Email–a blessing and a curse. It’s a wonderful way to reach someone without having to play phone tag. It’s a wonderful way to deliver necessary information. And it’s also an easy way for other people to send you the information they want to send you. Work reports that don’t actually pertain to your work. Marketing from a store that you bought one thing from 3 years ago and you might go back to one day. Reply-alls from well-meaning individuals in a group email. And spam! Managing it all can be overwhelming. Here are a few tips to help you stay on top of your email.
Limit what comes in
It’s so easy to sign up for interesting and useful newsletters and subscriptions. Set up a separate email address for your newsletters and subscriptions that you can check on your schedule, not theirs. Be judicious about who you give your primary email address to. Use a spam service that automatically reduces the amount of spam you have coming into your inbox.
Segment incoming email
Use rules or filters to put incoming mail into pre-designated folders for the mail that you don’t have to respond to right away. Examples of this type of mail may be from professional groups that you belong to. Or perhaps you pay extra special attention to those groups and want to be able to see the moment a message comes in from one of those people. Separating their email automatically allows you to go straight to them.
Use search rather than scrolling through
A study done by people at the University of California Santa Cruz and IBM Research showed that using search was more effective when looking for an email than having your emails organized and segmented into folders and navigating to the email. And definitely more effective than looking for an email in a full inbox. Get used to using search terms that will quickly identify the email using senders, recipients, subject titles and if necessary, the text in the body of the message.
Turn off notifications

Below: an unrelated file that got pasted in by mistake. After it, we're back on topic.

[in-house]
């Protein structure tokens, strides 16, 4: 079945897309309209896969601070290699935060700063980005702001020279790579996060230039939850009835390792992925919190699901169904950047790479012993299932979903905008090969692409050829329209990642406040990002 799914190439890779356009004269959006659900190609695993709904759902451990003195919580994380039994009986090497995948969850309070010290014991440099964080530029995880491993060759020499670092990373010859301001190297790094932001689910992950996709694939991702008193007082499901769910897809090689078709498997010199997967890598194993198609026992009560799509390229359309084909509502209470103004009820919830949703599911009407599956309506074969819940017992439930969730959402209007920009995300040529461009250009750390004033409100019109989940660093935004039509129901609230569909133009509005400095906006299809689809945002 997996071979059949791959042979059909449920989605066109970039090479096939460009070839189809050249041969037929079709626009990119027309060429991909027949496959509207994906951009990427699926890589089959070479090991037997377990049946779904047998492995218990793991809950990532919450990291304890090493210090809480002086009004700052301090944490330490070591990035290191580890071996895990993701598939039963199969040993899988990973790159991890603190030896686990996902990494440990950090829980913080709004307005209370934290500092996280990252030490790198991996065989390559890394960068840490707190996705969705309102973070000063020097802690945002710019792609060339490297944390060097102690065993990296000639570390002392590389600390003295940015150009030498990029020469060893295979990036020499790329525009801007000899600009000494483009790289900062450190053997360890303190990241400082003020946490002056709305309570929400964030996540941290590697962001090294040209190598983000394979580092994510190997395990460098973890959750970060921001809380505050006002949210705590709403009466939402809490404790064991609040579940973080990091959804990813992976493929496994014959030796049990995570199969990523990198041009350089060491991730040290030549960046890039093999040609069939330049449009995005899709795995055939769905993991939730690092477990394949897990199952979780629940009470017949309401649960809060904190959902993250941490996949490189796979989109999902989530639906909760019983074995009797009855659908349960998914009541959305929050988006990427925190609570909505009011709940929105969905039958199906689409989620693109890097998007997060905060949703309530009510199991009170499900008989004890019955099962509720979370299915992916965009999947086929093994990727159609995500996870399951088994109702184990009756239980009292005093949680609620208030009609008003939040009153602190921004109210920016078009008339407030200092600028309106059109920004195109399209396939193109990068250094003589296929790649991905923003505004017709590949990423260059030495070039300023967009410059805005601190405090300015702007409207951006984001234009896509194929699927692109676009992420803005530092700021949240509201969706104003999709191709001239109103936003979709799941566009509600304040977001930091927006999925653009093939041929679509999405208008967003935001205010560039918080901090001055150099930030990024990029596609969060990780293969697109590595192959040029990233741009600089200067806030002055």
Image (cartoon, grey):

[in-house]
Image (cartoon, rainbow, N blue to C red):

A great way to get work done is to focus on it without interruptions. An easy way to skyrocket your productivity is to turn off the notifications on your electronic devices. Of course, this is not applicable if you are on call. But for the rest of us, you’ve already decided what is important. You’re working on it. Don’t let other people’s emergencies pull you off target!
Check emails in batches
Set regular times to check your email and set a time limit on how long you will respond to emails for. Any task will expand to the length of time you give it. Stay focused. Respond to important emails right away. If an email will take more time to respond to than you have, schedule it as a task to complete later and send a reply email letting the sender know that you received their email and when they can expect a full response.
Inevitably there will be emails that do not require a response from you. Be religious about removing them from your inbox. The best way to remove them is in batches, rather than one at a time. You can set up an archive folder, or use the archive feature of your email program of you have one. If you archive the emails, you still have access to them if you need to go back to them at a later date, but they are not in your inbox.
Use tools to turn emails into tasks
Never use your inbox as a to do list unless you practice a zero inbox policy. It can be as simple as dragging an email to the task list (Outlook), or forwarding an email to a specific email address (Podio, Clarizen, Basecamp, Asana, and many others). Then you can be notified of due dates, assign the task to your team, and not worry about having to keep track of the email.
Use short, descriptive subject lines
Use short descriptions that describe the body of the message you are sending. If the conversation moves on to another topic, change the subject line. Encourage those who email you to do the same.
Write concisely. Not many people have the time, nor the inclination to read paragraphs on paragraphs of information. If there are actions that need to be taken, consider putting them at the beginning as a list, with any supporting information further down in the body of the email.
Change your view to Conversations/Threads
This is Gmail’s default view. It collects all the emails from one conversation and displays just one header in your list and shows you how many emails are in the conversation. It’s very useful for group emails where different people are replying to the same conversation. This view can be set up in all the major providers.
If you’re not already doing all of these, choose one or two to implement at a time. Treat managing your email as an ongoing project. If you want even more ideas or help implementing these ideas, give us a call at 310-806-2580!